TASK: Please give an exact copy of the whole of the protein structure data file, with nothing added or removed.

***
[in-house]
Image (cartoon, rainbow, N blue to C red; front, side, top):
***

[in-house]
Image (cartoon, rainbow, N blue to C red; front, side, top):